Pakhom, a poor peasant, and his wife after visited by latter’s elder sister. The wife of a merchant, the elder sister brags about her glamourous life in the city and insults her sister’s modest country existence. The younger sister defends her lifestyle, claiming self-sufficiency and simplicity is the road to the moral high ground. Pakhom joins in, saying that with enough land he would have nothing to fear—including “the Devil himself.” The Devil overhears Pakhom’s claim and vows to tempt him with land.
When a local lady landowner suddenly decides to part with her property, Pakhom convinces her to sell him thirty acres. At first, Pakhom seems happy with his purchase. It would be perfect, he thinks, if not for the constant trespassing of local peasants. Pakhom repeatedly fines these peasants and takes them to court, causing tensions to escalate to the point that his neighbors threaten to burn down his house.
Pakhom has grown resentful of his “cramped life” when a traveling peasant tells him of a village south of the Volga river, where families are allotted twenty-five acres of farmland per person upon settling. Pakhom and his family travel to the commune, where they are welcomed and allotted land totaling three times the amount they left behind. Nevertheless, Pakhom wants more, convinced that freehold land—in contrast to leased—is the way to truly become wealthy.
Just as Pakhom is about to purchase some freehold land from a bankrupt peasant, a passing merchant distracts him with stories of plentiful land in the far-away region of the Bashkirs. Over tea, the merchant says that after gifting the Bashkirs a few presents, he was able to secure thirteen thousand acres for a mere twenty copecks apiece.
Pakhom leaves his family behind and travels to the land of the Bashkirs. Upon his arrival, they prove to be friendly yet strange people and offer Pakhom kumiss to drink. Pakhom gives the Bashkirs several gifts, as instructed by the passing merchant, and they eagerly look to repay his kindness. Pakhom requests the opportunity to purchase some of their land. The Bashkir elder soon arrives and agrees to sell Pakhom as much land as he can circumnavigate in one day for the price of a thousand roubles, provided Pakhom returns to his starting point by sunset. Pakhom readily agrees.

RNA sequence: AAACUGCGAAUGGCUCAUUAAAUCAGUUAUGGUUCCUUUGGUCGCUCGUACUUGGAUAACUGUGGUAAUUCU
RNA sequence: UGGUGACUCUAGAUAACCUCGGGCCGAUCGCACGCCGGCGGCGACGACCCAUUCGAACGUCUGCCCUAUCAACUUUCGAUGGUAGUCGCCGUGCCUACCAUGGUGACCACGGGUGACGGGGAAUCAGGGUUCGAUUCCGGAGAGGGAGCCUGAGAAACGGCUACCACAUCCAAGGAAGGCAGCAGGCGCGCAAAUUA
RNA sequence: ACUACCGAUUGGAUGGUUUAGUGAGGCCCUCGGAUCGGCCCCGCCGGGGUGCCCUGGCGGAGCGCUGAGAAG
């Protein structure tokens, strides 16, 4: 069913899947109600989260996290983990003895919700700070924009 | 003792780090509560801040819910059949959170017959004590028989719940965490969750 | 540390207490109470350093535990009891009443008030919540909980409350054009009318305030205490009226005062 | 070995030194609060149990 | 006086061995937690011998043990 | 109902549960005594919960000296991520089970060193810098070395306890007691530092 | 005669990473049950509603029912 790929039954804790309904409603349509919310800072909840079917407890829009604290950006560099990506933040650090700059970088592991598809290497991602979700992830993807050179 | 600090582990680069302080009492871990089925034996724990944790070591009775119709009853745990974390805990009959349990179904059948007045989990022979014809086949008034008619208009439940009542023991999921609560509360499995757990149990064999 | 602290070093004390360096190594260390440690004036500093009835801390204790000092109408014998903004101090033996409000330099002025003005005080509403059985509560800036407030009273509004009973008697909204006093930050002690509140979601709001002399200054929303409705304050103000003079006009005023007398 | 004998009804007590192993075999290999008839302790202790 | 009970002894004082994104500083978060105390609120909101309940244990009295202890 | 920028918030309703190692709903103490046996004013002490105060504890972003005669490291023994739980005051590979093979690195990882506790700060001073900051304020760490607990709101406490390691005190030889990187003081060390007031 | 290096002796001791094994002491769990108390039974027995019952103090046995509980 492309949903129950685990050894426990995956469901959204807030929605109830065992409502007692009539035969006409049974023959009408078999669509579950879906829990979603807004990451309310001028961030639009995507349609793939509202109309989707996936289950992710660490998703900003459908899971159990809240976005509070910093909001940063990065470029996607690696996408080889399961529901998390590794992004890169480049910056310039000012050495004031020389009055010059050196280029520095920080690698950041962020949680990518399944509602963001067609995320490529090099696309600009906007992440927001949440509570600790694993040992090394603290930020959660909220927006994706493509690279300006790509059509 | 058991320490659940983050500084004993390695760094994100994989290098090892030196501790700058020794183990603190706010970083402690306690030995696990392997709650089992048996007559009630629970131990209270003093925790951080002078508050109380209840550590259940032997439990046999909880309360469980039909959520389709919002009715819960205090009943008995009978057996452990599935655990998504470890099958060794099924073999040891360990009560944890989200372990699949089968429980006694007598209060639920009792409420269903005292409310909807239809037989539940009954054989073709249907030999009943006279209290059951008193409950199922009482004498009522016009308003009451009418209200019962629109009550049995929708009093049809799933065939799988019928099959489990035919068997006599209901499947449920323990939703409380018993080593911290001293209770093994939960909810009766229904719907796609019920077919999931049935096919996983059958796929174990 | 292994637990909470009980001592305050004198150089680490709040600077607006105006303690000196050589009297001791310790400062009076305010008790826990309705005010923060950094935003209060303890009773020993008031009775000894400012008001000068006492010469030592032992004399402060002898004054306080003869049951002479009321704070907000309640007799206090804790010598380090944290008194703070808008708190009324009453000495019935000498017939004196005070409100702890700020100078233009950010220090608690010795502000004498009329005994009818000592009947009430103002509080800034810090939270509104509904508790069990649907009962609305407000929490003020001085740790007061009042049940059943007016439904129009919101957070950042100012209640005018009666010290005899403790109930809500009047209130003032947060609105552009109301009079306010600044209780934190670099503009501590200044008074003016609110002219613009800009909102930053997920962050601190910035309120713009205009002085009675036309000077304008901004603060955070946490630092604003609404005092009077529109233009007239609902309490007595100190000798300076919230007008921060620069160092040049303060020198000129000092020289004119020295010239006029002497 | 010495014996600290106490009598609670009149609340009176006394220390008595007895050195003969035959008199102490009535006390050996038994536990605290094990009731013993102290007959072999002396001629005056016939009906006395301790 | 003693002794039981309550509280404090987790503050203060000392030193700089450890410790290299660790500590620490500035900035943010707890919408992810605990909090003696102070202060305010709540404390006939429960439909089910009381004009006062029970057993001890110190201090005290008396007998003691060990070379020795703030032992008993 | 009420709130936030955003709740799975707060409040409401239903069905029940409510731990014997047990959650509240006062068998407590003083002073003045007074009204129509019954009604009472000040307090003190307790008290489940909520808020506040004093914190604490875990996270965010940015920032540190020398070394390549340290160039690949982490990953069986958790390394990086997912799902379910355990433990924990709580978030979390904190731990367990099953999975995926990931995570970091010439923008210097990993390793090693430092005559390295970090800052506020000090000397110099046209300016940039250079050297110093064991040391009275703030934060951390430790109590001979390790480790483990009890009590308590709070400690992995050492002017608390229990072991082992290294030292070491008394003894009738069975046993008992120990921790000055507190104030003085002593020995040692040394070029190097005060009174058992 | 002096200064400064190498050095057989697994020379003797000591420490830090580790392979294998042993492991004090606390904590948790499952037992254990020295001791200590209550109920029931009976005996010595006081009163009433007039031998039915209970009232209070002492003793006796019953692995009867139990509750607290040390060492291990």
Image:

That night Pakhom experiences a strange dream, in which the Bashkir elder, the passing merchant, and the traveling peasant each transform into the Devil, who then laughs at a dead and nearly-naked figure at his feet. Pakhom realizes that the dead figure is in fact himself. Upon waking, however, he brushes off the dream. He sets his eyes on the land waiting to be claimed, grabs his spade, and begins his walk.
Despite the growing heat of the sun, Pakhom easily covers approximately six miles of land, marking his way with the spade and shedding his clothing to keep cool. By midday, Pakhom has grown uncomfortable under the relentless sun, but he pushes on. After having walked ten miles, he realizes must hasten his pace to ensure that he returns by sundown. Pakhom rushes back and arrives at his starting point just as the setting sun crosses the horizon. He then promptly drops dead from exhaustion. His workman uses the spade to dig Pakhom’s grave, answering the story’s title question. In the end, a man needs only enough land to bury him.